I’ve talked about my own challenges in the past (See blog post, “Where is Your Finish Line?”). When I get into 4th or 5th gear, it is really difficult for me to downshift. In fact, I am terrible at it. I am trying to work on my clutch skills and I am learning to be more graceful in how I downshift. The times that I struggle with most are when I am interrupted in the middle of a project or thought, and when I am transitioning from work to family. The last few weeks I have had to literally picture in my mind downshifting and mentally deciding which gear I need to be in at that moment. It has been pretty cool to see the change. I haven’t gotten it right every time, but I can tell that it is making a difference.
Maybe you are reading this as someone who would admit that you have a difficult time truly connecting with people. You are friendly and people like being around you, but you can count on one hand the number of significant conversations you’ve had over the past year. Here are some tips from “5 Gears” that I would encourage you to try out:
Take the time.
When you sense that there is an opportunity to connect, go for it. Make time to connect. Add connect time to your calendar or space your appointments out to add an extra 15 minutes or so, if and when you have a meeting.
The way to connect comes through your ears, not your mouth. When you listen, you give respect and gain perspective. Listening to others by hearing what is really going on is the start to connecting well and being present.
Don't force it.
People know if you are forcing something. You can’t fake connecting. It is a two-way street. Inauthenticity leads to disconnection. Be you, be present, and be patient. Connection will happen if you will be present.
Give yourself away.
Giving yourself away seems risky to some, especially to those who have been burned. However, when you risk by going deep and giving yourself away to help the other person, you increase your chances to receive far more than you imagined. When you invest well you normally get a return on that investment.
Cut what binds.
This is easier said than done, but you may have habits in your life that are keeping you from your best or from key relationships. Surely solitaire or apps or TV can be prioritized for better times. Consider moving things to a different time of the day if they are having an adverse effect on your relationships.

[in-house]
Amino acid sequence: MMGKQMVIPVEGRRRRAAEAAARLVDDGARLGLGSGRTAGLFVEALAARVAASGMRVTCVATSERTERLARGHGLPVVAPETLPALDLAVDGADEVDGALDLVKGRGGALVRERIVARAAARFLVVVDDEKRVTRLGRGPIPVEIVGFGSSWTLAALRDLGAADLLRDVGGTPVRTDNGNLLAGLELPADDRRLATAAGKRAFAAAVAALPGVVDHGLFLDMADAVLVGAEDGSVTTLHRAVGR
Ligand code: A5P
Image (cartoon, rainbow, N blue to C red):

The challenge to all of this is that we live in a 4th gear culture, but we were created to have 2nd gear connections with others. The key is to understanding and being reflexive when it comes to the rhythms and flows of your day.
As I have been going through this process, I have been intentionally looking at my calendar and assessing which gear was going to be required of me. These are the things I know are going to happen and I can be proactive. Then there are the surprises, interruptions and emergencies that can come up at any given time. I have tried to mentally prepare myself for when they happen (and they will), so that I will have already decided how I am going to respond. Not with anxiety or frustration, but a simple change of gears and let’s deal with the issue.
As I look ahead, I am also looking for times in the day that I can downshift to 1st gear to recharge. If I am making a hospital visit and I know if could be a difficult one, I park at the back of the parking lot. The walk gives me some 1st gear time to prepare my mind and pray for what is ahead, and I know that I will get the same opportunity on my way out. What I know about myself is exercise and being in the outdoors charges my batteries up, and I give myself that gift as often as I can. It not only benefits me, but I walk into these situations with energy and I’m able to be in 2nd gear with them and to connect and listen deeply.
I want to encourage you this week as we head into Thanksgiving to take this chance to begin to live out some of these principles that we have talked about the last few weeks. I dare you to downshift. Give yourself a gift and get out of 4th and 5th gear, and downshift to recharge, rest, and intentionally connect with someone during this break.
Go back to last week’s blog and recognize the things that you do that recharge your batteries. Pick one or two and take time to do them.
Think about the people that will be around your table on Thanksgiving. Who is one person that you would like to get to know just a little bit better? Make an effort to connect with them, listen to them, and find out something about. Be intentional about what gear you are in and try it out this week.
Next week, we will talk about what it looks like to be in 4th and 5th gear, and how we can be more effective in our work and ability to get things done!
Have a great Thanksgiving!